The promoter region of CDH1 was amplified by PCR using the forward primer 5'-AATTAACCCTCACTAAAGAGTGAGCCCCATCTCCAAAA-3' and the reverse primer 5'-TGACTTCCGCAAGCTCACA-3' at an annealing temperature of 65 ∞C with 2 mM of MgCl2 and 5% DMSO. A T3 tale adhered to the forward primers allowed the sequencing of the PCR products using a T3 primer labeled with IR800 (MWG-Biotech). The sequenced products were analyzed in a LI-COR 4000L DNA sequencer (LI-COR Nebraska) according to the protocol provided by the manufacturer. CDH1 variants were confirmed by independent PCR and reverse sequencing.



No germline inactivating mutations of CHD1 were found on either patient. A single nucleotide polymorphism (SNP) -160 C→A was detected in the promoter region of CDH1 in both patients (Fig. 2). A sequence alteration in intron 1, nucleotide position 48 + 6TÆC was detected in patient 2.



The identification of genes that predispose to familial cancer syndromes constitutes a fundamental advancement in the understanding of the genesis of neoplasms. In Mexico, the ratio of patients with GC younger than 40 years of age is high and a significant proportion of this population has familial aggregation (3). There are few studies that explore the influence that genetic factors have on the high frequency of GC in the Mexican population (10,11).

E-cadherin is a membrane protein whose main function is the preservation of epithelial integrity by maintaining intercellular adhesion and cell polarity (Fig. 3) CDH1 the coding gene for E-cadherin is located in chromosome 16q22.1. E-cadherin dysfunction is associated with the development of high grade cancers, invasion and metastasis of several neoplasms (10-15).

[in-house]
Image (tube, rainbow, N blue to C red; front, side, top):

Germline mutations of CDH1 responsible for the development of high grade diffuse GC in young patients were described for the first time in 1998 (7). These mutations have an autosomal dominant pattern of inheritance with incomplete penetrance. The efficacy of endoscopic screening for this form of diffuse GC is poor because it tends to present as submucosal infiltration instead of as an exophytic mass. To date there are only 3 reports on the use of prophylactic gastrectomies in 11 patients with inactivating germline mutations of CDH1 (16-18). CDH1 mutations are considered the most frequent somatic alteration found in diffuse GC since they are present in more than 50% of the cases (19). In the present study no germline inactivating mutations of CDH1 were identified, hence the difficulty of giving recommendations regarding followup and management for these patients and their families based on this.